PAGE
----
Unfortunately the CFP deadline has passed, but the conference looks wonderful. More information can be found here, and below.
About the Conference
In recent decades, the study of religion and the study of literature have similarly turned from emphasis on texts to emphasis on the reception of texts. Scholars in both fields have sought to recreate contexts and audiences by means of which texts should be understood. While this work has invaluably expanded our ability to comprehend wide ranges of religious and literary thought and practice, it has also encouraged a disregard for the very sources that have helped shape the respective fields of study. The idea seems to be that texts have nothing in themselves to reveal but are only what we make of them.
Rather than view texts as objects that merely reflect culture, this forum will consider whether and how texts participate in culture. This calls for discussion of the role of close reading in cultural formation. We invite all manner of papers that explore the conference’s broad theme. Topics include but are not limited to: source studies; textual production and/as cultural production; literary theory; new formalism; textual studies and religious traditions; defining religious experience; ethics of reading; genre studies and/as cultural studies; narrative and narrative theory; oral features of written texts; orality and literacy; philosophy of religion; literary features of religious texts; religious features of literary texts; and, perhaps most importantly, implications for pedagogy.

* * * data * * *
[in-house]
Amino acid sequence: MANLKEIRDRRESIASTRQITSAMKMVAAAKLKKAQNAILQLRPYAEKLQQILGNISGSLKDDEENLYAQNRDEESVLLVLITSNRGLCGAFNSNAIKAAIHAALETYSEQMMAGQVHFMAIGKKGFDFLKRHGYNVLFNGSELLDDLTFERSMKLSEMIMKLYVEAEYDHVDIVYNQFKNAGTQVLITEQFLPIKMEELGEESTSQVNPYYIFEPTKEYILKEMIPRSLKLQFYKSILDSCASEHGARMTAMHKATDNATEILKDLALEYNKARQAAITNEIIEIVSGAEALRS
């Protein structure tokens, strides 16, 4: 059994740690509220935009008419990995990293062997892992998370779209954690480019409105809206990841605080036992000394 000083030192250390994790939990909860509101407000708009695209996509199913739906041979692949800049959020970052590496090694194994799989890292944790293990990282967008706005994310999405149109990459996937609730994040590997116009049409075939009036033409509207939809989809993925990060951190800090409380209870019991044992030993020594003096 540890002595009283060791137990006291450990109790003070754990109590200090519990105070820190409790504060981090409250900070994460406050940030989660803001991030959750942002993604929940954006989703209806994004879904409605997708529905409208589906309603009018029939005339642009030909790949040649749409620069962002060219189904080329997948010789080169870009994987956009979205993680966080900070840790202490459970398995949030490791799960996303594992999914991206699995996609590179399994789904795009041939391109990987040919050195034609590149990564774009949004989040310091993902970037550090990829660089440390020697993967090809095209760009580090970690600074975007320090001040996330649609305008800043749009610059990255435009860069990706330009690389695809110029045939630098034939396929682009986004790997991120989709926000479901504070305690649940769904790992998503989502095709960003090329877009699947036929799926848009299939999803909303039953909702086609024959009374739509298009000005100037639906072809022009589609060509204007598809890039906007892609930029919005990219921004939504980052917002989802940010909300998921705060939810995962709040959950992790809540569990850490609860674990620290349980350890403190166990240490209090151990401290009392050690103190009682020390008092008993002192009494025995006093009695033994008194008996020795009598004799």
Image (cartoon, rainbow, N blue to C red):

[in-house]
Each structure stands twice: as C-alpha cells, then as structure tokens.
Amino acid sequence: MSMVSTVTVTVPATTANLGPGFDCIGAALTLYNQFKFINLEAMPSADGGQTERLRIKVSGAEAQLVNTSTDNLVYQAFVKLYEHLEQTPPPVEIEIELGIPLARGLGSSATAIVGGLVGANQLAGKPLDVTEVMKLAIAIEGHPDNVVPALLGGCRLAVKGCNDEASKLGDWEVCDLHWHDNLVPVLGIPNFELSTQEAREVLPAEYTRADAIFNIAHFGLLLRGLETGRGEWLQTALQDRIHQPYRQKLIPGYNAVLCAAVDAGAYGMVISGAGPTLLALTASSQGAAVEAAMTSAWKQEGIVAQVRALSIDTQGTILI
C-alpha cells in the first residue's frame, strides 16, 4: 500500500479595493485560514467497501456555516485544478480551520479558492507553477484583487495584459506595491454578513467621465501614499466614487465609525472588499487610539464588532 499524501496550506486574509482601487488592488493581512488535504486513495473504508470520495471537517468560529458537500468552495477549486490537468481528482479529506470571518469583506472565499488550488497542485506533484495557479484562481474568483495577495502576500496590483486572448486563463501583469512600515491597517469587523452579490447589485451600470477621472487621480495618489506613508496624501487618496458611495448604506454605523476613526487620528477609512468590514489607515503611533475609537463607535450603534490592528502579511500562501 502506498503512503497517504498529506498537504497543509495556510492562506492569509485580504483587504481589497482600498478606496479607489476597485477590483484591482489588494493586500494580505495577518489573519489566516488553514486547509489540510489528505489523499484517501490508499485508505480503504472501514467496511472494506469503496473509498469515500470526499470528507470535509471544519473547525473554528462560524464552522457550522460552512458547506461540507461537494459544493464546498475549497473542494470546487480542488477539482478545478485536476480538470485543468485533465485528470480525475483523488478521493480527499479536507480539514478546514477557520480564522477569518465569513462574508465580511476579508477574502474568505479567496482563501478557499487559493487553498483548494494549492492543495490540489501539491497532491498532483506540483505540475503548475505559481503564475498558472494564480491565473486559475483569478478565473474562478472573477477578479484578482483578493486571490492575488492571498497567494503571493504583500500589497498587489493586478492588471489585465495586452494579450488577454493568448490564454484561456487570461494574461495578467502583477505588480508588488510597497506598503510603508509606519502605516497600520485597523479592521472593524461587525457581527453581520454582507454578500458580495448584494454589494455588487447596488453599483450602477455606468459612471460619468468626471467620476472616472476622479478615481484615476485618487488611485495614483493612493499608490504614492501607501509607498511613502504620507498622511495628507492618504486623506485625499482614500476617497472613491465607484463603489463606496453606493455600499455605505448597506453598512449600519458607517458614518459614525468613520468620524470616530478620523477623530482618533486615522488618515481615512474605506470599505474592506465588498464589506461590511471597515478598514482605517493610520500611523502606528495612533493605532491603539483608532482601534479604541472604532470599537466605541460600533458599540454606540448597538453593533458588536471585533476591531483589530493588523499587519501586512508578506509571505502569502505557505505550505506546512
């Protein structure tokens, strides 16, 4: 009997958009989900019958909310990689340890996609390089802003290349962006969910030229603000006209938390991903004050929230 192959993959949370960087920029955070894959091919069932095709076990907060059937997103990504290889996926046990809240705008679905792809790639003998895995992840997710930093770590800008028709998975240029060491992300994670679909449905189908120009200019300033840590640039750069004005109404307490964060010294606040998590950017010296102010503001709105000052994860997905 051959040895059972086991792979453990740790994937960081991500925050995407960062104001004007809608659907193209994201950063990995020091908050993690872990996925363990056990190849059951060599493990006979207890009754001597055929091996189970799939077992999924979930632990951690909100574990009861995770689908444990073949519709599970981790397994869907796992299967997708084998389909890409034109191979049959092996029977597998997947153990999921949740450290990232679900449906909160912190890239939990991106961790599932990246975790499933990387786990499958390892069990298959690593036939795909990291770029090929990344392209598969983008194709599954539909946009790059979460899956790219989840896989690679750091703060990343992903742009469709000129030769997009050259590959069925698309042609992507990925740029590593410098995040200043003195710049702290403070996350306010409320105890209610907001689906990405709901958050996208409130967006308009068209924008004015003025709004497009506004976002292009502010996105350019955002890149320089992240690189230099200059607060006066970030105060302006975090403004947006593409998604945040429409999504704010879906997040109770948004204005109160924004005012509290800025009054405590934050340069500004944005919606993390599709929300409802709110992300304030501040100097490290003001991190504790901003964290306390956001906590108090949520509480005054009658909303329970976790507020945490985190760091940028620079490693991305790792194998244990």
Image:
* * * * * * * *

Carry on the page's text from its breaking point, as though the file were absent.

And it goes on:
The Return of the Text forum will be held at Le Moyne College and the Crowne Plaza Hotel, Syracuse, New York
Showcasing the food and wine of Central New York
Three days of lovely meals and wine from Central New York farms, bakeries, and vineyards are included in the registration fee of $125 ($65 for graduate students).
Registration information and materials will be posted in March.
Theology as a Kind of Reading Charles Mathewes, Carolyn M. Barbour Professor of Religious Studies at the University of Virginia
‘Faith Loses Its Merit Where Human Reason Supplies Proof’ Steven Justice, Professor of English at the University of California, Berkeley
Who is Saadi? Emerson and Thoreau on Islamic Mysticisms Branka Arsic, Professor of English and Comparative Literature at Columbia University
A Saint Speaks Up: Angelic Texting in the Early Middle Ages Albrecht Diem, Associate Professor of History in the Maxwell School of Citizenship and Public Affairs at Syracuse University
Thoreau: Awaking to an Answered Question Mitchell Breitwieser, Professor of English at the University of California, Berkeley